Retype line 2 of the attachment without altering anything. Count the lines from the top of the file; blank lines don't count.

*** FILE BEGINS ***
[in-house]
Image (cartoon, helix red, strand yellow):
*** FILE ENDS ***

Image (cartoon, helix red, strand yellow):